In order to succeed as a data analyst, strong organizational skills are essential for keeping data projects in order. As with all analyst roles, data analysts need to be able to solve problems by looking at them from multiple perspectives and coming up with creative solutions.

8. Network analyst

National average salary: $75,795 per year

Primary duties: 

Organizational computer networks are designed and analyzed by network analysts. They are responsible for developing network systems that meet the requirements of an organization, keeping an eye on how well they are working, and offering technical support.

9. Economic analyst

National average salary: $76,986 per year

Primary duties: 

An economic analyst creates economic forecasting models for the government or private organizations using large data sets. In order to predict how the economy will develop in the near and long term, they conduct research on the current situation as well as previous patterns. 

Economic analysts are hired by businesses to help them make better financial decisions by better predicting what will happen in the future.

Data and trends in commerce, the financial markets, and state and federal government are studied and researched by economic analysts. They look at data to predict short- and long-term economic scenarios and present information on the current state of the economy.

An economic analyst might look at data about the labor market or taxes in the government to help leaders make decisions that can make people’s lives better and raise money for important government programs. The data is typically translated and presented in readable formats like reports and charts by economic analysts.

Although the U.S. Bureau of Labor Statistics (BLS) does not offer data on economic analysts, it projects that employment in a similar capacity—economist—will increase by 13% between the years 2020 and 2030.

Typical responsibilities for an economic analyst include the following:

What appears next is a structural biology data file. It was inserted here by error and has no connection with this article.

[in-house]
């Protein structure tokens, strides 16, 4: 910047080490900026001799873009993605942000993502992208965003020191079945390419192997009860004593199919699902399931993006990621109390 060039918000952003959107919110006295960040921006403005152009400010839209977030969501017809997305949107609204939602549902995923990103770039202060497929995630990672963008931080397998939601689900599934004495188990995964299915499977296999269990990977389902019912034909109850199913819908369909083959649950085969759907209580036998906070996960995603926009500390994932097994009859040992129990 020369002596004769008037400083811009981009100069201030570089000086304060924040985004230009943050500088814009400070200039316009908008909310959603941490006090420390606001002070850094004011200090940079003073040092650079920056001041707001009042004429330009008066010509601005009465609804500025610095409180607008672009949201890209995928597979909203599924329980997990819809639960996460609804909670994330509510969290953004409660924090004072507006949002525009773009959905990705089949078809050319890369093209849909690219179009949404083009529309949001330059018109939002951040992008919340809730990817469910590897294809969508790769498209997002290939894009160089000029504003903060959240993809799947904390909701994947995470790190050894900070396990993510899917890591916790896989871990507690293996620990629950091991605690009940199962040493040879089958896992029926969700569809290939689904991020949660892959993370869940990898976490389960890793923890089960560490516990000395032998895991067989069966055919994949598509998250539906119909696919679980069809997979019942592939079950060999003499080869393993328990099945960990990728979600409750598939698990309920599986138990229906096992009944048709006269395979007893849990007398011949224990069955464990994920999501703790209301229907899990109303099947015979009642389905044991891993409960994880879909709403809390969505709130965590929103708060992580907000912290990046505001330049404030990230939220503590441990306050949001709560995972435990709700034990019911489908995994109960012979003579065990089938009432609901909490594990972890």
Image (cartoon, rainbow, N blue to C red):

• Analyzing trends in the economy
  • Creating forecasts and models for the economy
  • Distributing reports

At least a bachelor’s degree is required for entry-level positions, but employers prefer candidates with a master’s degree in business, finance, or accounting for senior positions. 

The quantitative and mathematical competencies necessary to collect and analyze data, carry out complex calculations, and work with statistical data and models are among the required skills.

Because they use a variety of data analysis tools, economic analysts should have strong technical skills. In addition, they should be able to solve difficult problems using critical thinking, communicate effectively in writing, and present their findings to decision-makers through reports and presentations.

10. Operations analyst

National average salary: $78,825 per year

Primary duties: 

An operations analyst helps develop solutions to problems that arise in business operations, such as lead generation, data management, and communication. They create reports for company decision-makers by gathering data from specific departments, such as sales and marketing.

Organizations looking to improve operational performance and efficiency rely heavily on operations analysts. Between 2020 and 2030, the Bureau of Labor Statistics predicts a 25% increase in the operations research analyst position, which includes operations analysts.

Operations analysts aid businesses in problem-solving, decision-making, and expansion by analyzing issues and providing information that can be used to improve operational performance. 

Operations analysts monitor the effects of various changes and weigh the costs of alternative solutions because problems are frequently too complex to be solved with a single strategy. A wide range of tasks are carried out by operations analysts, including:

  • Analyzing risk
  • Recommending business process improvements
  • Forecasting outcomes

Analyzing risk, suggesting enhancements to business processes, and anticipating outcomes, operations analyst positions are typically filled by people with bachelor’s degrees, though some may prefer those with master’s degrees. 

Business, social science, analytics, and engineering are all common fields of study. Working with a variety of analytical tools, operations analysts use their quantitative and technical skills to evaluate current operational performance and identify areas for improvement. 

Problem-solving and working with others are two additional useful skills for operations analysts.

11. Business analyst

National average salary: $79,195 per year

Primary duties: 

Business analysts examine a company’s current state and identify areas for improvement. They might research customer requirements, technology requirements, and financial data. 

Business analysts help managers put the suggestions they’ve made into action by presenting their findings to them after conducting their analysis.

Organizations attempting to solve business issues and increase productivity benefit from the assistance of business analysts. Between 2020 and 2030, the BLS projects a 14% increase in the management analyst role, which includes business analysts.